More On Legal & Compliancefrom The Advisor's Professional Library
- The Custody Rule and its Ramifications When an RIA takes custody of a clients funds or securities, risk to that individual increases dramatically. Rule 206(4)-2 under the Investment Advisers Act (better known as the Custody Rule), was passed to protect clients from unscrupulous investors.
- Where Are We Headed? The ultimate compliance goal is to help ensure that everyone associated with an advisory firm acts ethically at all times. Advisors and RIAs should do the right thing, even when regulators are not looking over their shoulders.
The Securities and Exchange (SEC) on June 8 posted responses to frequently asked questions regarding the implementation of Rule 204(b)-1 and the new Form PF under the Investment Advisers Act of 1940.
The form must be completed by registered investment advisors that manage $150 million or more in assets attributable to private funds. The FAQs cover issues relating to the categorization of hedge funds, liquidity funds and private equity funds under the Rule, as well as aggregation of assets principles and fund of funds reporting issues.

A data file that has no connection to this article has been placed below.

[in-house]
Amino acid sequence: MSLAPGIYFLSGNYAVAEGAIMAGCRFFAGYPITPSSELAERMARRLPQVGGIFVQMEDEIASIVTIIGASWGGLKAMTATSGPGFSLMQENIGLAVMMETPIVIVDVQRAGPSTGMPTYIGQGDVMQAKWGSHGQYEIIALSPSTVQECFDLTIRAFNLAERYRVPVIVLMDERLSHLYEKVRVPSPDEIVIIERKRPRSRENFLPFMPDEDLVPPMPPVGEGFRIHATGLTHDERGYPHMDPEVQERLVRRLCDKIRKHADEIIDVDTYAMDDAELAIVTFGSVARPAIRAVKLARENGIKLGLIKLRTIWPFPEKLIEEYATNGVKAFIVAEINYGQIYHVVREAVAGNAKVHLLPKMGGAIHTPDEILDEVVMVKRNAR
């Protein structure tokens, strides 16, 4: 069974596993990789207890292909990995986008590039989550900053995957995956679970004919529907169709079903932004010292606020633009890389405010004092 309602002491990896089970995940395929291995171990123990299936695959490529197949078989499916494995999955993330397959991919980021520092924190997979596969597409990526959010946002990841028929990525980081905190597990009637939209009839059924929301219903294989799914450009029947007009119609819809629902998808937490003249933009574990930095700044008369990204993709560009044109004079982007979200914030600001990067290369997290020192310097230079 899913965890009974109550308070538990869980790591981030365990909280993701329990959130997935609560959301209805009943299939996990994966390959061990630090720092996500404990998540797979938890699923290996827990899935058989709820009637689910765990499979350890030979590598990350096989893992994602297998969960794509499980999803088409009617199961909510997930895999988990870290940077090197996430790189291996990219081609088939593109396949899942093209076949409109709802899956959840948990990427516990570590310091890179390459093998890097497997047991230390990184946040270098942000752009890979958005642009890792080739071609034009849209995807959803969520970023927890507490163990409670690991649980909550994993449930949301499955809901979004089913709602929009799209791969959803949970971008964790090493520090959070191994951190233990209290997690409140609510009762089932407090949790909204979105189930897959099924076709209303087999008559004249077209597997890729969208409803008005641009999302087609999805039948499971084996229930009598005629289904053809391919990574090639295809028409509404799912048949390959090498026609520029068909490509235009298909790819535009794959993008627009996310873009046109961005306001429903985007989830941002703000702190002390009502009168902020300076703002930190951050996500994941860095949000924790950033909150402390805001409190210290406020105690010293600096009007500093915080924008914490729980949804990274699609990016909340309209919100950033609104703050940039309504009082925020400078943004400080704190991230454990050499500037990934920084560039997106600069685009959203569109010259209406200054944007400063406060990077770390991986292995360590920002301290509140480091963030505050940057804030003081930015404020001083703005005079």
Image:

For instance, the Q&A regarding hedge funds is as follows:
Q: The form specifies that a commodity pool is categorized as a hedge fund for reporting purposes. Under Commodity Futures Trading Commission (CFTC) interpretations, a private fund that holds a single commodity interest position may be a commodity pool. Am I required to treat a private fund as a commodity pool if such private fund’s commodity interest positions are de minimis?
A: You should not categorize a private fund as a commodity pool for reporting purposes if the private fund’s commodity interest positions satisfy either of the de minimis tests in Regulation 4.13(a)(3)(ii) issued by the CFTC. Accordingly, you would only have to categorize such a private fund as a hedge fund if it otherwise meets the definition of a hedge fund (i.e., it may charge a performance fee, employ large amounts of leverage, or sell assets short).